This information is always shared with the staff at Wildwood Zoo, including the photographs and video’s.  It’s my personal way of repaying the Zoo for all the time I spend there while photographically recording the cubs growth and development since they arrived in October of 2015.

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On Monday I also had taken photographs and video’s to match the written documentation, so if someone wanted to look at the documentation in the distant future, they could go back in time and see the cubs as they were in the past, while I was graphing and taking notes on their behavior.

Each image has a designated period of time added to the digital file number to use with the graphing chart and notations that were taken at that specific time.

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Whenever I post images of Munsey and Boda splashing in the pools / ponds or wrestling around in the Bear Woods , please remember that these bears are created with built in protective gear!  I think of them as high school hockey players, they have the equipment to play very rough and not hurt each other.

DSC_2049 12.53 to 1.03pm Munsey and Boda often drop their favorite toys down in the pit! (The PIT is a section of the old bear exhibit that drops about 15 to 20 feet down and was created to keep the old bears inside the bear exhibit without using a fence or other obstructive devices that would block the vision for the zoo guest while watching the bears.

Munsey and Boda often drop their red and blue balls and favorite fire hose in the pit and wait for the staff to retrieve the toys.  The problem is that the bears do this fairly often and then the bears attempt to retrieve the toys themselves.  Thank goodness the zoo staff comes and retrieves the items but these bears behave exactly like a child that two years of age, so you know the ball’s going down into the PIT again in the near future.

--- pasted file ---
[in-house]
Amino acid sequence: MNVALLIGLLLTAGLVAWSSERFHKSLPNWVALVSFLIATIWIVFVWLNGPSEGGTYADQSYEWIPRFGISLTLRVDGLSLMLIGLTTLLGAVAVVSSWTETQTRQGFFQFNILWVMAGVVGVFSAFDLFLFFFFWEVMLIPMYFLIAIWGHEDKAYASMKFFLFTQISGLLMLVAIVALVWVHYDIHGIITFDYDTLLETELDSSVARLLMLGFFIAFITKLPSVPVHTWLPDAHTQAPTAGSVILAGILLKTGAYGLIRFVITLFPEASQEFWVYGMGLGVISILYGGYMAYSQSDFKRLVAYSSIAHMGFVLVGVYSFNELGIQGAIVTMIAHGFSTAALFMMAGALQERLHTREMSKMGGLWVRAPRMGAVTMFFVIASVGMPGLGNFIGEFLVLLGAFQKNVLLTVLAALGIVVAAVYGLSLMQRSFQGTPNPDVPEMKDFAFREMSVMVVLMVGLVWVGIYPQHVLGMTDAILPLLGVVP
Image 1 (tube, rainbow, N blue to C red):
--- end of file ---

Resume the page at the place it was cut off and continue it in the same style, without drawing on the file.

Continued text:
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Interaction with zoo guest’s in always a great experience for everyone!  People are thrilled to see the cubs up close and personal!  I’m thrilled to be able to photograph and video the bears without dealing with light reflecting off the fencing!  Keep in mind I really appreciate the devices used  keep the bears and zoo guests safe at Wildwood Zoo.  If not for those devices, I’d never be able to document the Kodiak bears with such ease and consistency.

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I’m looking forward to working on my five days of graphing documentation to see what new things the zoo staff and  I can learn  about Munsey and Boda and compare the information to my last charts and future charts.

 

Munsey and Boda have a brother Dodge that lives at the Toledo Zoo in Ohio. Didge has bonded with two female Grizzly cubs. To learn more about Dodge go to the following links…

http://www.toledoblade.com/local/2016/03/02/3-bears-orphaned-in-wild-find-Toledo-Zoo-home-is-just-right.html

http://www.adfg.alaska.gov/index.cfm?adfg=wildlifenews.view_article&articles_id=773

http://www.13abc.com/content/news/Rescued-brown-bears-on-exhibit-at-the-Toledo-Zoo-383093881.html

 

http://exploremarshfield.com/whos-who-at-the-zoo/

 

 

http://exploremarshfield.com/kodiakbearscelebratesecondbirthday/

http://exploremarshfield.com/wildwoodzoo_munseyboda/

https://www.facebook.com/pg/wildwoodzoo/videos/https://www.facebook.com/pg/wildwoodzoo/videos/